IN BRIEF: NLRB Upholds Union's Right To "Banner"
On August 27, 2010, the National Labor Relations Board (NLRB) ruled that a union practice of displaying large stationary banners at a secondary employer's business is not coercive and therefore does not violate the National Labor Relations Act (NLRA).
The NLRB decision affects three Arizona cases, in which union carpenters held 16-foot-long banners near two medical centers and a restaurant, to protest work being performed for the owners of the establishments by construction contractors that the union claimed paid substandard wages and benefits. Two of the banners declared "SHAME," while the third urged customers not to eat at the restaurant.
Under the NLRA, conduct that threatens, coerces or restrains a secondary employer not directly involved in a primary labor dispute is prohibited if the object of that conduct is to cause the secondary employer to cease doing business with the primary employer.
Under existing NLRB precedent, picketing that seeks a consumer boycott of a secondary employer is coercive and, therefore, unlawful. Stationary handbilling, where union representatives hand out written materials describing their dispute with the primary employer, with that same objection, is not. The issue the NLRB had to decide was whether stationary bannering was more like picketing or handbilling.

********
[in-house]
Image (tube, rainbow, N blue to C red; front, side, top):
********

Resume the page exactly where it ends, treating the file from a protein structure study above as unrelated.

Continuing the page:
The NLRB majority, Chairman Liebman and Members Becker and Pearce (recent Obama appointees) found that the bannering was not coercive or in violation of the NLRA. Members Schaumber and Hayes (both Republican appointees) dissented from that decision. Member Schaumber's term has since expired, leaving one vacancy at the NLRB. (United Brotherhood of Carpenters and Joiners of America, Local Union No. 1506 and Eliason and Knuth of Arizona, Inc., United Brotherhood of Carpenters and Joiners of American, Local Union No. 1506 and Northwest Medical Center, and United Brotherhood of Carpenters and Joiners of America, Local Union No. 1506 and RA Tempe Corporation, Case Nos. 28-CC-955, 28-CC-956 and 28-CC-957, decided August 27, 2010.)